Applying these principles, we conclude that Taxpayers have failed to establish an equal protection violation. First, as the Department points out, beyond comparing electricity and telecommunications, Taxpayers have failed to demonstrate that they are similarly situated to electric companies or that they have been the victim of any "deliberately adopted system" resulting in intentional unequal treatment. Nor have Taxpayers negated every conceivable basis which might support the classification differentiating between telecommunications companies and electric companies.
The Department contends the legislative intent is clear that the tax exemption contained in K.S.A. 79-3606(kk) was intended to benefit manufacturers of goods rather than service providers. In Alsop Sand, this court discussed the legislative history of K.S.A. 79-3606(kk) and stated that its purpose was "to make the expense of expansion or modernization of a Kansas manufacturing plant competitive with the expense in neighboring states and . . . to assist in attracting new manufacturing plants to this state." 265 Kan. at 520. As noted by the Department, telecommunications companies are simply not the equivalent of manufacturing plants and have never been viewed as such.
Taxpayers counter that electric companies provide both the product of electricity and the service of delivery and transmission of electricity, just as telecommunications
companies provide both the product of telecommunications and the service of delivery and transmission of telecommunications. However, the Department points out that these industries are, in fact, different because electric companies sell electricity to their customers for consumption whereas telecommunication companies only use electricity to deliver telecommunication services to their customers.
In conclusion, Taxpayers have failed to meet their burden of establishing an equal protection violation.
Did BOTA Properly Apply the Rules Applicable to
Summary Judgment When it Rendered its Decision?
As an alternative argument, Taxpayers point out that two dissenting BOTA members concluded there was insufficient evidence in the record to decide the issues in the case and that summary judgment was not appropriate. The dissenting opinion stated:
"In our opinion, neither party has provided expert testimony vis-a-vis their respective affidavits that unequivocally refutes the other parties' expert testimony on the key issues before the Board in these matters. In fact, there appear to be genuine controverted mixed issues of law and fact that preclude either party from satisfying the standards for summary judgment under K.S.A. 60-256(c), and amendments thereto. Such issues include: (1) whether telecommunications is purely a service or whether it involves the processing of tangible personal property, in whole or part; (2) whether the delivery of information via a telecommunications signal constitutes 'manufacturing' or 'processing' under K.S.A. 79-3606(kk); (3) an identification of all processes that occur during a telecommunications call and the relevance of those processes to exemption availability under K.S.A. 79-3606(kk); and, (4) the intent of the Legislature in enacting K.S.A. 79-3606(kk)."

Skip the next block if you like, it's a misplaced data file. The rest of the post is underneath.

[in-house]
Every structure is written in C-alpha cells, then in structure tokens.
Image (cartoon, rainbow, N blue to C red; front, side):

The dissenters noted the Department's argument that telecommunications are defined as services as a matter of law, but they apparently also found persuasive the Taxpayers' electricity argument. The dissenters concluded that the issue should be resolved in a full evidentiary hearing. Taxpayers contend that this court could reach the same conclusion and reverse and remand the case to BOTA for a full evidentiary hearing.
The Department points out that, in oral argument before BOTA, both sides agreed that the dispositive issue could be determined by BOTA as a matter of law. Furthermore, Taxpayers filed a motion to stay discovery, which asserts that none of the discovery responses are needed to decide the legal issue before BOTA. The Department also contends that BOTA applied the correct standard of review in determining that telecommunications are services as a matter of law.
BOTA ruled that Taxpayers' machinery and equipment did not qualify for the manufacturing exemption from sales tax under K.S.A. 79-3606(kk) because other provisions of the Kansas Retailers' Sales Tax Act define telecommunications as a service. Because the issue before BOTA was framed as a question of law, and BOTA ruled only on that question of law, there was no need for BOTA to delve into the actual telecommunications process. Although the facts regarding the telecommunications process were controverted, those facts were irrelevant given the way BOTA resolved the legal issue. Accordingly, BOTA did not err in its application of summary judgment rules.